• @Evan -- Well, in the US today, I'm afraid the answer is yes... But other than that, no, it cannot be considered a fact. Such a statement, however, is concerned with what is actually the case (whether or not it is correct) so it is a factual statement. I will agree that the term is not used that way generally speaking, hence my caveat to be careful using it. May 28, 2017 at 5:05


an assertion of something as a fact



I think the word which best complements the word "opinion" is "belief:"

conviction of the truth of some statement or the reality of some being or phenomenon especially when based on examination of evidence.

An opinion is a way that someone feels about something, and a belief is something that some person (or some animal, I guess) thinks is true. They're both the same in that people have them.

However, based on the way you worded your question, it seems like you're just looking for a word which refers to an objective statement without calling that statement a fact. In that case you could use "proposition:"

An expression in language or signs of something that can be believed, doubted, or denied or is either true or false

or maybe "hypothesis."

A possible adjective to describe statements which are either true or false is "Objective:"

Expressing or dealing with facts or conditions as perceived without distortion by personal feelings, prejudices, or interpretations.

Another word, "empirical:"

Capable of being verified or disproved by observation or experiment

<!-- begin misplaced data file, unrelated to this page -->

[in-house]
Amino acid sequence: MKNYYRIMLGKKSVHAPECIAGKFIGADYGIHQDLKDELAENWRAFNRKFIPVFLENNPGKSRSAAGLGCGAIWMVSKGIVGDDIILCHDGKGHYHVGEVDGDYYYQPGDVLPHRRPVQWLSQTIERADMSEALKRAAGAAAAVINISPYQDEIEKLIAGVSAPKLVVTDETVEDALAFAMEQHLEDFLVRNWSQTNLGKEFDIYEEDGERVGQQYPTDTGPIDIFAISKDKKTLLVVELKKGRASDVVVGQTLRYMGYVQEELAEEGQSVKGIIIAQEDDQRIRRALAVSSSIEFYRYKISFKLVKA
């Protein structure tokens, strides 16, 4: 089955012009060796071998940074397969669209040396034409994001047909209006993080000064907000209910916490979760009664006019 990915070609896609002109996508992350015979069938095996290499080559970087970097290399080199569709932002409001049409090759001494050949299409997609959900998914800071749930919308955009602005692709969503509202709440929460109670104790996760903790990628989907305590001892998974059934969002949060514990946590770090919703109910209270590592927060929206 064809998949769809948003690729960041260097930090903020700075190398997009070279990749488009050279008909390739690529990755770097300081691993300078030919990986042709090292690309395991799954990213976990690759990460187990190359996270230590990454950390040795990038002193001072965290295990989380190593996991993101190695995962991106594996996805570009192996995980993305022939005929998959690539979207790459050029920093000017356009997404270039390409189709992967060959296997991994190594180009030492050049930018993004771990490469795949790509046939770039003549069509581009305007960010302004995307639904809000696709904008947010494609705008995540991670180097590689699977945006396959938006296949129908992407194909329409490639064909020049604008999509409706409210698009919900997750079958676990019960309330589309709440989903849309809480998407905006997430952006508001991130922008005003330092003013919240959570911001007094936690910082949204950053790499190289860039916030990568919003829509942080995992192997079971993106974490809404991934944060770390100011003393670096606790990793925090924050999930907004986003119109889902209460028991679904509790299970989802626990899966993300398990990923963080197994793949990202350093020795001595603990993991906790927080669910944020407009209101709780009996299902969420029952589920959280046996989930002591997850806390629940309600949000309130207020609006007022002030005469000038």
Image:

I don't really like here, because in my experience, "empirical" is typically used to refer to a proposition which can not be reasoned about (i.e. requires data collection).

I think "verifiable:"

capable of being verified

has a similar problem, because there are statements which are objective but not verifiable (i.e. "God exists.")

  • +1 for a really good answer! All your options are good, but sometimes we tend not see the best word (until you pointed it out) though it's quite obvious -- the best, literal and simplest fit for OP's question, I now realise, is your suggestion verifiable. May 27, 2017 at 23:13
  • I don't actually like "verifiable" very much for this case. First, I believe OP is asking for a noun. Second, it's easy make a proposition (or hold a belief) that is not verifiable (by humans). For example: "God exist." I really think "proposition" and "belief" are the right words; the best one to use depends on the context.
    – Evan
    May 28, 2017 at 1:05
  • Reading the question again, I see that OP specifically wants a word that means "statement that is either true or false" which is basically a 'verifiable statement' or an 'empirical statement' -- in fact there is a word called 'empiricism' with this meaning [see meaning 4 here: dictionary.com/browse/empiricism ] that might be the ideal word for OP?! May 28, 2017 at 2:09

Binary is the term which represent two values. So question which can have only two possible outcomes can be termed as Binary Questions.

For example: Questions which can have answer like True/False, Yes/No are Binary Questions.

Source: Quora: What is a binary question?


It is a simple "dichotomy". In the case of your example, the dichotomy is either "true" or "false". It is the basis for what is known as a "dichotomous key".